Archaeological Site was covered by Volcano Lava for 1,400 years

The site is so impressive that it became known as the "Pompeii" of America.


The comparison with the Italian city of Pompeii, whose population of thousands of people was killed by the eruption of Mount Vesuvius in the year 79, occurs because the lava that destroyed Joya also preserved the architecture and artifacts of the time, which remain in the positions in they were at the time of the tragedy.

“It’s an extraordinary time capsule,” says archaeologist Payson Sheets about the Joya de Cerén archaeological site, a place he discovered in El Salvador.

Experts agree that Joya de Cerén is a unique place and one of the most important archaeological sites in the world. This is because it shows very well-preserved remains of a pre-colonization village in Mesoamerica.


The importance of the site is so great that UNESCO declared Joya de Cerén a world heritage site in 1993.

Joya de Cerén, in El Salvador, is an archaeological site with unique characteristics.

What Happened?

Joya de Cerén was a village inhabited by a Mayan community. Around the year 600, an eruption of the Ilopango volcano destroyed the site.

However, according to evidence found by archaeologists, most of the residents had time to flee.

“In the case of Joya de Cerén, people didn’t have time to take their things. They needed to escape the eruption of the volcano, which was only 600 meters from where they lived”, explains Sheets.

Professor Sheets, who has carried out numerous excavations in the region over the past 40 years, says the population managed to escape because the volcano’s eruption occurred in phases.

“First a thin mass of grains fell on the crops, such as corn and cassava and also covered the roofs of the houses. The second phase was more violent and explosive, displacing the water in the river. Then, other phases came that converted the place into a time capsule”, explains the archaeologist.

Joya de Cerén, in El Salvador, named a UNESCO World Heritage Site in 1993.

After successive and violent eruptions, Joya de Cerén was completely buried. The remains of the village have remained preserved for almost 1,400 years.

In 1978, a little out of curiosity and also by luck, Professor Sheets, who was carrying out research in El Salvador, came across a structure covered in ash in an excavation that had been carried out by a construction company two years earlier.

“I assumed it was a recent eruption, about 100 years old. I dug a little deeper, thinking I would find some diary or metal structure, but I only found classic antique objects. It didn’t make sense to me, because I was only five meters underground. It was an enigma. I took some samples, did the radiocarbon dating test (a method that can determine the age of some material) and the results showed that they were 1,400 years old. I don’t remember how long I kept my mouth open. I realized that there was nothing in the modern world with preservation of this type”, says the archaeologist.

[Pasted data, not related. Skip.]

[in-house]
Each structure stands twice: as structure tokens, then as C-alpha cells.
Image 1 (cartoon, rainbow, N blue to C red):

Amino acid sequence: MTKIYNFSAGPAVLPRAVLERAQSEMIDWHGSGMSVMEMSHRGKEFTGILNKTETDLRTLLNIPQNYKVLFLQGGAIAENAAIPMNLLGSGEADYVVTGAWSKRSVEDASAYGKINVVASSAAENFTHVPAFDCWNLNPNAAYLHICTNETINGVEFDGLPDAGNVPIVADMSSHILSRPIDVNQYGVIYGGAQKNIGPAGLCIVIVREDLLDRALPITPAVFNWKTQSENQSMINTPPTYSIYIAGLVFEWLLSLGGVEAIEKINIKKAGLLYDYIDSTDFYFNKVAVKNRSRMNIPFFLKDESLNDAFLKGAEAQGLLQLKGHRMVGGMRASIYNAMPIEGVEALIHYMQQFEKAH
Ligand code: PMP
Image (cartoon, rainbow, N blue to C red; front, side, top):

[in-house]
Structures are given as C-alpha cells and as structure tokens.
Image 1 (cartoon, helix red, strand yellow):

Historic Accident

In Joya de Cerén, a temazcal, also known as saudas, was found, where the Mayans performed rituals.

Preservation is a major concern for researchers.

“There are not many ‘Pompeii’ in the world because the big problem archaeologists face is preservation. When eruptions or floods occur, it is very common for these sites to disappear, be destroyed or collapse. Therefore, a preserved area like Joya de Cerén is almost a historical accident”, explains Robert Rosewig, professor in the Anthropology department at the University of Albania, in New York.

In almost 40 years of excavations, the professor found 10 buildings that were still intact.

Among them there are houses, bodegas, a kitchen and a religious building and a civic building where community leaders met to solve local problems. There is another structure where food was stored and prepared for ceremonies and parties, says the Joya de Cerén archaeological park website.

“The food that was left in containers remained. We found a ceramic vase with hundreds and hundreds of pumpkin seeds. After 1,400 years, in a tropical climate, the seeds have not changed size, shape or weight. They were just a little dusty,” says Sheets.

An ear of corn covered in ash retained its shape.

“In the excavations, seeds of beans, annatto, corn and cassava were found, as well as a temazcal sauna bath or dry sauna, a unique structure in its category, since in all of Mesoamerica no temazcal were found still standing”, says Johnny Ramos, administrator of the archaeological park.

In addition, ceramics, bowls, cups and jars that were used as granaries were also found, as well as grinding stones, among other elements.

Many of them are displayed in a museum on the Joya de Cerén site.

“Every time we carry out excavations, we find very well preserved insects”, says Ramos, who assures that research continues. He does not rule out the possibility of human remains being found.

For Professor Sheets, Joya de Cerén gives the opportunity to discover what everyday life was like at that time.

“We know a lot about the Mayan elite, their pyramids, their hieroglyphics. But Joya de Cerén is a window that shows us the richness of the lives of ordinary people”, says Sheets.